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Credit Spreads, Optimal Capital Structure, and Implied Volatility with Endogenous Default and Jump Risk

by Nan Chen of the Chinese University of Hong Kong, and
Steven G. Kou of Columbia University

July 2009

Abstract: We propose a two-sided jump model for credit risk by extending the Leland-Toft endogenous default model based on the geometric Brownian motion. The model shows that jump risk and endogenous default can have significant impacts on credit spreads, optimal capital structure, and implied volatility of equity options: (1) Jumps and endogenous default can produce a variety of non-zero credit spreads, including upward, humped, and downward shapes; interesting enough, the model can even produce, consistent with empirical findings, upward credit spreads for speculative grade bonds. (2) The jump risk leads to much lower optimal debt/equity ratio; in fact, with jump risk, highly risky firms tend to have very little debt. (3) The two-sided jumps lead to a variety of shapes for the implied volatility of equity options, even for long maturity options; although in general credit spreads and implied volatility tend to move in the same direction under exogenous default models, this may not be true in presence of endogenous default and jumps. Pricing formulae of credit default swaps and equity default swaps are also given. In terms of mathematical contribution, we give a proof of a version of the "smooth fitting" principle under the jump model, justifying a conjecture first suggested by Leland and Toft under the Brownian model.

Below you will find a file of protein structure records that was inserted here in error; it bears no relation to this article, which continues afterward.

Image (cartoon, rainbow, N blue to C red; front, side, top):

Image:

Keywords: credit risk, yield spreads, capital structure, implied volatility, jump diffusion, smooth pasting.

Published in: Mathematical Finance, Vol. 19, No. 3, (July 2009), pp. 343-378.

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